# Fixed-Point and Floating-Point: Two Things That Don’t Go Well Together

One of the more challenging aspects of software development can be dealing with floating-point numbers. David Goldberg‘s 1991 Computing Surveys paper What Every Computer Scientist Should Know About Floating-Point Arithmetic is a recognized classic treatise on this subject. This paper not only provides an in-depth look at how floating-point arithmetic is implemented in most programming languages and computer systems, but also, through its length and detail, provides evidence of the nuances and difficulties of this subject. The nuances of dealing with floating-point numbers in Java and tactics to overcome these challenges are well documented in sources such as JavaWorld‘s Floating-point Arithmetic, IBM DeveloperWorks‘s Java’s new math, Part 2: Floating-point numbers and Java theory and practice: Where’s your point?, Dr. Dobb’s Java’s Floating-Point (Im)Precision and Fixed, Floating, and Exact Computation with Java’s Bigdecimal, Java Glossary‘s Floating Point, Java Tutorial‘s Primitive Data Types, and NUM04-J. Do not use floating-point numbers if precise computation is required.

Most of the issues encountered and discussed in Java related to floating-point representation and arithmetic are caused by the inability to precisely represent (usually) decimal (base ten) floating point numbers with an underlying binary (base two) representation. In this post, I focus on similar consequences that can result from mixing fixed-point numbers (as stored in a database) with floating-point numbers (as represented in Java).

The Oracle database allows numeric columns of the NUMBER data type to be expressed with two integers that represent “precision” and “scale”. The PostgreSQL implementation of the numeric data type is very similar. Both Oracle’s `NUMBER(p,s)`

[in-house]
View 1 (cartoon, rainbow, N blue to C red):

and PostgreSQL’s `numeric(p,s)`

allow the same datatype to represent essentially an integral value (precision specified but scale not specified), a fixed-point number (precision and scale specified), or a floating-point number (neither precision nor scale specified). Simple Java/JDBC-based examples in this post will demonstrate this.

For the examples in this post, a simple table named `DOUBLES`

in Oracle and `doubles`

in PostgreSQL will be created. The DDL statements for defining these simple tables in the two database are shown next.

`createOracleTable.sql`

CREATE TABLE doubles ( int NUMBER(5), fixed NUMBER(3,2), floating NUMBER );

`createPgTable.sql`

CREATE TABLE doubles ( int numeric(5), fixed numeric(3,2), floating numeric );

With the `DOUBLES`

table created in Oracle database and PostgreSQL database, I’ll next use a simple JDBC PreparedStatement to insert the value of java.lang.Math.PI into each table for all three columns. The following Java code snippet demonstrates this insertion.

**Inserting Math.PI into DOUBLES Columns**